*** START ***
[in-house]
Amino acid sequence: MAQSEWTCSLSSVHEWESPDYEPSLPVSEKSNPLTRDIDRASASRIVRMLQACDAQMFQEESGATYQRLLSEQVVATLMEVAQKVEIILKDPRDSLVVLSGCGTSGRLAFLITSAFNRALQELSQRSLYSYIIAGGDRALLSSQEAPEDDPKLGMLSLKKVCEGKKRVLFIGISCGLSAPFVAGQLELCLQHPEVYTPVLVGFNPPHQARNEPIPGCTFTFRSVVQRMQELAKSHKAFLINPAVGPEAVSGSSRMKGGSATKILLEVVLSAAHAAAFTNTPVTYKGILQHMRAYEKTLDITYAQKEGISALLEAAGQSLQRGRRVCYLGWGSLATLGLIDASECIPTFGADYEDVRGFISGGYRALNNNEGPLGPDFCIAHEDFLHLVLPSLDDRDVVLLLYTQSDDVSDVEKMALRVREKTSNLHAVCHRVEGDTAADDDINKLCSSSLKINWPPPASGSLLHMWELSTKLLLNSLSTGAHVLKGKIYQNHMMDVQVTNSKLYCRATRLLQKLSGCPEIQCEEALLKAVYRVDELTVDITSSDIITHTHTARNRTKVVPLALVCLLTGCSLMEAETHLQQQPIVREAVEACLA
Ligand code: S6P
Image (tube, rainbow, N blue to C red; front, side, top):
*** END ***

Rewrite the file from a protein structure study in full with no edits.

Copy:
[in-house]
Amino acid sequence: MAQSEWTCSLSSVHEWESPDYEPSLPVSEKSNPLTRDIDRASASRIVRMLQACDAQMFQEESGATYQRLLSEQVVATLMEVAQKVEIILKDPRDSLVVLSGCGTSGRLAFLITSAFNRALQELSQRSLYSYIIAGGDRALLSSQEAPEDDPKLGMLSLKKVCEGKKRVLFIGISCGLSAPFVAGQLELCLQHPEVYTPVLVGFNPPHQARNEPIPGCTFTFRSVVQRMQELAKSHKAFLINPAVGPEAVSGSSRMKGGSATKILLEVVLSAAHAAAFTNTPVTYKGILQHMRAYEKTLDITYAQKEGISALLEAAGQSLQRGRRVCYLGWGSLATLGLIDASECIPTFGADYEDVRGFISGGYRALNNNEGPLGPDFCIAHEDFLHLVLPSLDDRDVVLLLYTQSDDVSDVEKMALRVREKTSNLHAVCHRVEGDTAADDDINKLCSSSLKINWPPPASGSLLHMWELSTKLLLNSLSTGAHVLKGKIYQNHMMDVQVTNSKLYCRATRLLQKLSGCPEIQCEEALLKAVYRVDELTVDITSSDIITHTHTARNRTKVVPLALVCLLTGCSLMEAETHLQQQPIVREAVEACLA
Ligand code: S6P
Image (tube, rainbow, N blue to C red; front, side, top):